Different Disciplines Indoor Skydiving

The Different Disciplines of Indoor Skydiving

Tuesday, March 5, 2019

If you thought that indoor skydiving could only possibly be done one way, you’d be very, very wrong, dear reader. In fact, there are loads of ways to fly the tubular skies, and just as many ways to compete against other athletes throwing similarly badass moves. Don’t believe us? Well: In 2018, the 3rd Annual Indoor Skydiving Championships were hosted in Bahrain, featuring a full complement of these indoor skydiving disciplines in its competitive lineup. The 4th Indoor Skydiving Championships will be hosted in Belgium in 2020, and may include still more. Heck — a little bird told us that the sport might even be going Olympic before long! Here’s what to know about the different kinds of indoor skydiving.

Beyond the Basics: Formation Skydiving

The first discipline you’ll learn as an indoor skydiver is formation skydiving. Formation skydiving, known to us as “FS,” is also called “belly flying.” It’s the most popular discipline worldwide, both inside and outside the tunnel, and it sets the foundation for bodyflight in general. You have to learn your “belly stuff” before you can move on to anything else.

Formation Skydiving

All that said, FS is far from “beginner.” The most advanced, most funded and highest-developed skydiving teams in the world compete in FS. These flyers compete in teams of 4 or 8, with the goal of the discipline being to complete a set number of formations in a given time. At the high level, FS is a game of how quickly you can scoot around and grab your teammates to make very specific shapes. From the basics to the big leagues, one thing’s for sure — it’s a lot of fun!

Beyond the Belly: Freefly and Freestyle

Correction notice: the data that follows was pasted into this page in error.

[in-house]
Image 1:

In freefly and freestyle, flyers use both horizontal and vertical flying axis and choreograph a flowing routine. The disciplines, once defined by a more geometric approach in freefly and a more balletic approach in freestyle, are merging in many ways towards a central point of long shapes, gymnastic aesthetics and a strength-meets-flow dance with the air. The key difference now — at least, at publication — is that freefly teams are generally comprised of two teammates and freestyle is a solo discipline.

In the tunnel, the freefly discipline has morphed into the discipline of dynamic flying. Dynamic flying, as opposed to simply mocking up the bodyflight techniques one would use on any given freefly jump, is a truly 3D discipline that uses all the space of the tunnel to combine a buffet of technical and artistic skills. In competition, teams of 4 flyers (D4W) or 2 flyers (D2W) battle it out in a tournament set up to demonstrate two different types of flying. In the speed round, flyers zip through as much of a compulsory routine as they can in a given time limit. In a free round, they get to show off their style, choreography and showmanship.

Vertical Formation Skydiving (VFS)

Remember how we were talking about how freefly has a tendency towards the geometric? Well: with the introduction of dynamic flying, freeflying in the tunnel has moved towards RW in some important ways to become vertical formation skydiving. Just like RW has teams linking up and making shapes on their bellies, VFS has teams linking up and making shapes in vertical (head-up and head-down) body positions. The aim — again, like RW — is to complete as many given formations in a set period of time.

vertical formation indoor skydiving

Interested in trying out (or simply checking out) a few of these indoor skydiving disciplines? We have great flyers at Paraclete XP who’ll be happy to show you their shapes. Check our events calendar for coaching, camps and fun events! We’ll see you there.

Young boy smiles while flying in the tunnel at the Paraclete XP youth league.

My wife and I came here a day after our wedding for a little fun. We had a blast. We will be returning in the future. Dave was a great instructor.

Allen Kurtz